According to local media, the old USS Kitty Hawk, the US Navy’s last commissioned conventionally powered aircraft carrier, completed her final voyage on Tuesday when it arrived at a scrapyard in Brownsville, Texas.
The 16,000-mile journey to the “Battle Cat” scrapyard began in January at Naval Base Kitsap in Bremerton, Washington.
The aircraft carrier, which is too enormous to pass through the Panama Canal at over 280 feet wide and more than 1,000 feet long, was towed around South America and through the Strait of Magellan to Texas, where many people, including former service veterans, gathered to witness it arrive this week.
After nearly 50 years of navy service, which included the testing of new military capabilities, combat operations, race riots, and even a collision with a rival power’s submarine, the Kitty Hawk was decommissioned in 2009.
The first-in-class ship was the last of the Navy’s conventional carriers to be decommissioned, as the Nimitz- and Ford-class nuclear-powered carriers took their place.
The carrier spent more than a decade in mothballs after retirement before the Navy struck a deal with International Shipbreaking Limited in 2021 to scrap the former Kitty Hawk and the former USS John F. Kennedy, another conventionally powered Navy aircraft carrier decommissioned in 2007, for just a penny each.
According to ISL, the shipbreaking company decided to recycle the ship for such a low price because it expected to profit from scrap sales.
Kitty Hawk’s service history
The CIA collaborated with the Navy to practice launching and to recover the U-2 Dragon Lady high-altitude reconnaissance and surveillance aircraft from the Kitty Hawk just two years after it was commissioned into naval service in 1961.
According to a Naval History and Heritage Command report, pilot Bob Schumacher evaluated the spy plane’s “carrier compatibility.” It was given the code name N315X.
During the Vietnam War’s Tet Offensive in 1969, the aircraft carrier and its air wing received a presidential unit commendation for “inflicting extensive damage and devastation to sites and installations important to the enemy’s operations.”
The carrier stayed on duty throughout the war, with the air wing carrying out hundreds of strikes and dropping millions of pounds of ordnance on the enemy, but the long deployments took their toll and fuelled long-standing tensions among the crew.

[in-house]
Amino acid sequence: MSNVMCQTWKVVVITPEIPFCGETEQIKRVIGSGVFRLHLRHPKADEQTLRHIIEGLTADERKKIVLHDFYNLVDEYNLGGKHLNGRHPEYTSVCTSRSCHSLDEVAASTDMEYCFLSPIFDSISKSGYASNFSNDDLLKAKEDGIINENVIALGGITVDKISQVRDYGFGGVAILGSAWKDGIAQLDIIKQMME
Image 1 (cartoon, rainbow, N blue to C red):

In 1972, race riots erupted on the Kitty Hawk, with several fights breaking out between white and black sailors across the ship. The disturbances injured more least 40 and maybe as many as 60 sailors, prompting the establishment of a program to handle racial concerns on Navy ships.
Another stressful incident occurred in 1984, during the last years of the Cold War when tensions with the Soviet Union were at an all-time high.
A Soviet submarine thought to be the Victor I-class nuclear submarine K-314 collided with the carrier when it surfaced in Japan’s Sea, also known as the East Sea in South Korea, creating “a fairly violent shudder,” according to the carrier’s commander.
Even though the incident was unsettling, it did not lead to a rise in tensions between the two powers.
The Kitty Hawk, America’s only forward-deployed carrier, took over for the Independence in 1998, operating out of a US naval station in Japan.
It served in the Pacific for ten years, only leaving to support Operation Enduring Freedom in Afghanistan and Operation Iraqi Freedom. In 2008, the carrier left Japan for good, and the following year, it was retired.
The US Navy’s Kitty Hawk was not only the last conventionally powered aircraft carrier to be commissioned but also the last ship of its type to be retired. The warship’s dismantling is projected to take about a year and a half.